HATCHERIES: A group of scientists proposes the pools formed form vented geothermal steam, pictured here, may have provided the perfect environment for life's early cells. Image: Courtesy of National Park Service
Earth started as a violent place, its surface churned by continuous volcanic eruptions and cloaked in an atmosphere that would have been poisonous to today's life-forms. Furthermore, the thin primeval atmosphere may have provided only scant protection from the young sun's harsh ultraviolet glare. Given these inhospitable conditions, scientists have long wondered: How did the first cells come to be nearly four billion years ago?
Conventional scientific wisdom holds that life arose in the sea. But a new study suggests that the first cells—or at least the ones that left descendants still extant—got their start in geothermal pools, like those seen at Yellowstone National Park and other geologic hot spots today. The argument rests on one indisputable observation—enzymes common to all archaea and bacteria are built from potassium, phosphorus or zinc, not sodium.
Some biologists suspect that the membranes of early life-forms were not yet the tight coverings that they are today, and would have instead let small molecules and ions flow in and out freely. If life arose in the salty sea, then the first cells and their living relatives might be expected to have enzymes built from abundant sodium—or at least tolerate more sodium internally. That modern archaea and bacteria instead possess internal fluid low in sodium, and enzymes built from other elements hints that they arose in an environment both rich in such elements as well as relatively sodium-free. "If the very first membranes were leaky for small molecules and ions, then the interior of the first cells should have been in equilibrium with their surroundings," explains biophysicist Armen Mulkidjanian of the University of Osnabrück in Germany, lead author of the paper presenting the hypothesis published online February 13 in Proceedings of the National Academy of Sciences. "By reconstructing the inorganic chemistry of the cytoplasm, it might be possible to reconstruct the habitats where the first cells could dwell."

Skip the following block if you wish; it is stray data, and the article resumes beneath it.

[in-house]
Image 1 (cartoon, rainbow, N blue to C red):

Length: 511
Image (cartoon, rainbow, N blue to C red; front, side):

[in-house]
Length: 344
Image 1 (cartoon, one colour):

The team noted that most modern cells maintain a high ratio of potassium ions to sodium ions. "We looked all over the place for the conditions and processes that would lead to [potassium] enrichment," Mulkidjanian says. The only such places extant today are so-called "vapor-dominated" geothermal systems—locales where water, heated deep within Earth until it becomes steam, reaches the surface, cools and condenses back to elementally enriched liquid pools. Condensed geothermal steam in these pools can have ratios of potassium to sodium ions as high as 75 to 1, and are rich in the other elements of life that have been leached from rock by the hot water. Thus, Mulkidjanian and his colleagues argue that they may have been the "hatcheries" of the first cells.
The argument matches a perhaps prescient suggestion from Charles Darwin in an 1871 letter: "But if (and oh what a big if) we could conceive in some warm little pond with all sorts of ammonia and phosphoric salts, light, heat, electricity, etcetera present that a protein compound was chemically formed, ready to undergo still more complex changes." Nobel laureate and geneticist Jack Szostak of Harvard University has also argued that the first cells probably had leaky membranes and that early oceans were not a favorable environment for the origin of life.